The concoction has less to do with pigskins or gridirons than with making a cocktail using coconut water.
Joseph O'Brien 4 p.m., March 29
A decision on whether or not the federal Nuclear Regulatory Commission will allow Southern California Edison to fire up one of its nuclear reactors at San Onofre Nuclear Generating Station may be made by March. At that point in time the Commission will notify interested parties of its intent to issue a decision, though the actual ruling could take up to 30 more days.
“We know there’s a great deal of curiosity and the agency wants to be as informative and transparent as possible,” Commission spokesperson Victor Dricks told Bloomberg Business.
Meanwhile, the Commission sent inspectors to Mitsubishi Heavy Industries in Kobe, Japan, manufacturers of the faulty steam generators that sprung a leak and have caused the plant to remain in a state of emergency shutdown since January, and expressed dismay that sample tubing being used in models to attempt to engineer a long-term fix at San Onofre did not even match the specifications of the tubing that was used in the original construction of the generators. The Commission issued a "notice of nonconformance" in late November after visiting the Mitsubishi plant.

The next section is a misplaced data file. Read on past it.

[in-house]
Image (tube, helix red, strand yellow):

Edison is seeking permission to run its Unit 3 reactor, which did not have any tubes completely fail and was down for maintenance at the time a tube ruptured at Unit 2 and released a small amount of radiation into the atmosphere. It would operate the reactor at 70% power for five months in an attempt to reduce vibration, as friction between the tubes and their supports is suspected to be the cause of widespread premature wear, and would then shut the reactor down again for re-inspection.